A molecular basis of human T cell receptor autoreactivity toward self-phospholipids

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Science Immunology  20 Oct 2017:
Vol. 2, Issue 16, eaao1384
DOI: 10.1126/sciimmunol.aao1384

Avoiding lipid autoreactivity

The importance of self-tolerance is appreciated in the context of presentation of peptide antigens to T cells. Much less is known about how lipid-reactive T cells avoid reacting to abundant self-lipids. Here, Shahine et al. studied an autoreactive T cell receptor (TCR) that recognizes a rare self-phospholipid, phosphatidylglycerol (PG). They solved the structure of this TCR bound to CD1b-PG complex and compared this with previously solved structures of CD1-lipid-TCR ternary complexes. The authors found that, in the context of CD1b, TCR binding to abundant self-phospholipids is usually sterically or electrostatically repelled, and propose that this facilitates avoidance of T cell autoreactivity to ubiquitous self-phospholipids.


Human T cell autoreactivity toward lipid antigens presented by CD1 proteins can manifest in numerous diseases, including psoriasis, contact hypersensitivities, and allergies. However, the molecular mechanisms for regulating T cell autoreactivity toward lipid antigens remain unclear. We determined the basis for T cell receptor (TCR) autoreactivity toward CD1b bound to self-phospholipids. The spectrum of self-antigens captured by CD1b skews toward abundant membrane phospholipids such as phosphatidylcholine and phosphatidylethanolamine. However, TCRs can specifically recognize rare phospholipids, including phosphatidylglycerol (PG). The structure of an autoreactive TCR bound to CD1b-PG shows that discrimination occurs through a marked induced fit movement of PG so that its polar head group fits snugly into the cationic cup of the TCR. Conversely, TCR binding toward ubiquitous self-phospholipids was sterically or electrostatically repelled. Accordingly, we describe a mechanism of TCR autoreactivity toward rare phospholipids and avoidance of autoreactivity to the most abundant self-phospholipids.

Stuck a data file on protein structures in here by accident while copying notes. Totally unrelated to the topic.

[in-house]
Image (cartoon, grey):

T cells, via their αβ T cell antigen receptors (TCRs), play a crucial role in protective immunity by specifically recognizing foreign peptide antigens when presented by molecules encoded by the major histocompatibility complex (MHC) (1). Precise specificity for the peptide, combined with the processes of thymic education and peripheral tolerance, allows MHC-reactive T cells to minimize reactivity toward self-peptide antigens (2), and in so doing limits autoimmune disease. Although we have a broad understanding of the molecular mechanisms limiting the MHC-mediated response to self-peptides (3), the basis of avoidance of self-reactivity toward lipidic autoantigens presented by the CD1 family is less clear.

The human CD1 family of antigen-presenting molecules (CD1a, CD1b, CD1c, and CD1d) is structurally related to MHC class I (MHC-I) molecules with the key exception that CD1 proteins bind lipidic antigens (4, 5). Each of the four types of human CD1 antigen-presenting molecules has a distinctly shaped antigen-binding cleft, differing subcellular routes of trafficking, and distinct modes of transcriptional regulation (4), suggesting that CD1 family members have distinct functions (6). Most studies on CD1 have focused on CD1d-restricted natural killer T (NKT) cells. Knowledge of CD1a-, CD1b-, and CD1c-restricted T cell responses, which are conserved in most mammals but are not found in mice, remains germinal (4).

CD1b is distinguished from other CD1 antigen-presenting molecules in several key features of its structure and function. CD1b proteins are inducibly expressed on macrophages and myeloid dendritic cells (DCs) in response to bacterial factors, Toll-like receptors, and interleukin-1β (IL-1β) (7). Among human CD1 proteins, only CD1b proteins have sequences in their cytoplasmic tails that bind to adaptor protein complex 3, which enable strong localization to lysosomes, where specialized antigen capture mechanisms occur in a low-pH environment (8, 9). The CD1b cleft is much larger than the corresponding clefts of other CD1 proteins (1014). The unusually spacious cleft allows CD1b to capture either two small lipids or particularly large lipid antigens (1517).